Over the past 200,000 years since Homo sapiens evolved, something extraordinary happened. Somehow, we went from being clever monkeys with stone tools, to being insanely brilliant masterminds who use complex language, and control the planet with agriculture and technology. How did we start the intelligence explosion that anthropologists call the "human revolution"?
Perhaps one of the biggest mysteries in our evolution is how humans developed symbolic culture, a very general catch-all term that includes things like art, language, personal adornment, weapons, and rituals like funerals. Symbolic culture is what sets humans apart from other species, and yet it also seems to pre-date the emergence of Homo sapiens. We find plenty of stone tools in Africa before 200,000 years ago, as well as evidence of fire pits and art-making. Our Homo erectus ancestors were throwing spears and making colorful paint from pigments thousands of years before we evolved.
Photo by Patrick Gruban
So question is, when did these symbolic practices start to define humanity? There is no easy answer, and we may never gather enough evidence to come up with a definitive timeline. But there are two broad theories about how it happened. One suggests humanity made a great cultural leap forward roughly 80-60 thousand years ago, during the "revolution" when humans hightailed it out of Africa and into Eurasia. And the other suggests culture evolved gradually, in Africa, over Homo sapiens' entire species lifespan.
The term "human revolution" is often attributed to anthropologist Paul Mellars, who wrote in 2007 that this event was an "accelerated episode of change" between 80-60 thousand years ago, right before the Middle Paleolithic (or middle stone age) transitioned into the Upper Paleolithic (or late stone age). For this reason, this change is also sometimes called the Upper Paleolithic revolution.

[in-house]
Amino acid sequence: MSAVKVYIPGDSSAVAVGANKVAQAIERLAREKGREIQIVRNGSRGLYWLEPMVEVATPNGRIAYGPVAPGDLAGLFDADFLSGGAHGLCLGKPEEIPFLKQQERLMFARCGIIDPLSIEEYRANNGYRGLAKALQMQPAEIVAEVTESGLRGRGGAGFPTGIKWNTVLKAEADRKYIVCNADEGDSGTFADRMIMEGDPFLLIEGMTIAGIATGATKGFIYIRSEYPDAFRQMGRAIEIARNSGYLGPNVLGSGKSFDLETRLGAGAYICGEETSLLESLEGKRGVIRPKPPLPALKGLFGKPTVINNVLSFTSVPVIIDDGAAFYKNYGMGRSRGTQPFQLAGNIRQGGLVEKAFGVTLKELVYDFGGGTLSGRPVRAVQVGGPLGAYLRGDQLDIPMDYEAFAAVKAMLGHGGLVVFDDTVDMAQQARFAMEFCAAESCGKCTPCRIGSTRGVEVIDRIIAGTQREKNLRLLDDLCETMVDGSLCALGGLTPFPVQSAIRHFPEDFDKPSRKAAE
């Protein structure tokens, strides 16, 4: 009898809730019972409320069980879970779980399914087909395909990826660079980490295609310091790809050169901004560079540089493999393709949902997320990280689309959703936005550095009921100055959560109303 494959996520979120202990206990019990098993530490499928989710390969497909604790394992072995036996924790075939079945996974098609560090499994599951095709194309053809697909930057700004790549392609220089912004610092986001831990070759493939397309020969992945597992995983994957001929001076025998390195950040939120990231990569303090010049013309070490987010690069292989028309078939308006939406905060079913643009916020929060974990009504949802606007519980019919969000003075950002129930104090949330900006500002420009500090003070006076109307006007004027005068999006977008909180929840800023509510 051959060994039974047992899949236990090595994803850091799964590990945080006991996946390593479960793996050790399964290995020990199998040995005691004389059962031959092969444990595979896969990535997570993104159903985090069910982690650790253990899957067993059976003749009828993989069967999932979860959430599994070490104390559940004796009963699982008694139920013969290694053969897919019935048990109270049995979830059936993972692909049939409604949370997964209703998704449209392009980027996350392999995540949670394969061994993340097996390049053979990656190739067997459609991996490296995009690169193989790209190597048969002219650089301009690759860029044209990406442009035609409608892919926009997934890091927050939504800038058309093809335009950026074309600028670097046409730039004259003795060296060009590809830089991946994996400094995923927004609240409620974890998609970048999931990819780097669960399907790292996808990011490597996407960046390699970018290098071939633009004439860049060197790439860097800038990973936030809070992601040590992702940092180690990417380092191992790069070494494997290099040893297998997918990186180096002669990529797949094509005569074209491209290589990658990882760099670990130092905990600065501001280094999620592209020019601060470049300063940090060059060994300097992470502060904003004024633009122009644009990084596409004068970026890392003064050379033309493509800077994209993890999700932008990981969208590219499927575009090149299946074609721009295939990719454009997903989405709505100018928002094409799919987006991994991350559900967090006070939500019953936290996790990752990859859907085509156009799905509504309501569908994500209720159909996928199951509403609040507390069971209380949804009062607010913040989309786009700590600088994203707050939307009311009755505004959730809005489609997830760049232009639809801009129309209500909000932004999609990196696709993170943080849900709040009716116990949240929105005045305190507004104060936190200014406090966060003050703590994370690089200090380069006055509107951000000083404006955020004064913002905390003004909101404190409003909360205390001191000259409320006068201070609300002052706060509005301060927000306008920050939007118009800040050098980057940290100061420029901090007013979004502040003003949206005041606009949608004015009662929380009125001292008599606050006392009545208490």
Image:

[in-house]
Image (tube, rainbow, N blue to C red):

At this point in time, the anthropological record yields rich evidence that humans had gone way beyond their ancestors in terms of technological sophistication. We had graduated from stone tools to bone (see image below), and those tools were specialized for a wide range of activities from tanning skins to hammering. Humans were fishing, transporting colorful shells over great distances (probably due to their value as jewelry), heating pigments to create different colored paints, burning areas near their homes to help desirable plants flourish, burying their dead with special items, and painting elaborate motifs on cave walls.
There is also evidence that these new human behaviors included larger groups of humans living together, in social groups that were far more hierarchically organized than previous bands of hunter/gatherers. At the same time, these more structured groups were heading out of Africa into Eurasia, bringing their culture with them. Eventually, these revolutionaries absorbed or replaced the other human populations of Neanderthals, Denisovans and possibly others in Eurasia.
What could have caused the revolution? Mellars is agnostic on this point, suggesting that it might have been a genetic mutation that spread swiftly through Africa. Or it might have been "stimulated by the economic and demographic pressures imposed by the rapid succession of climatic and related environmental changes." This was a period of rapid cooling, partly caused by the Mount Toba mega-volcano that erupted in Sumatra about 74 thousand years ago.People might have been innovating because of genetic changes, environmental ones, or both.
Mellars compares the human revolution of 80 thousand years ago to a more recent one called the Neolithic revolution that led to the rapid development of agriculture and cities roughly 13-10 thousand years ago. He and prominent anthropologist Ofer Bar-Yosef believe that this parallel with the Neolithic is evidence that humans tend to develop in moments of cultural acceleration. We go through phases of rapid innovation, punctuated by periods of relative stability and even devolution.
Given that this is the case, they argue, it seems likely that symbolic behavior was the result of a revolutionary change. That also helps to explain why the fossil record shows an abundance of art and complex tools in the Upper Paleolithic, all over the world.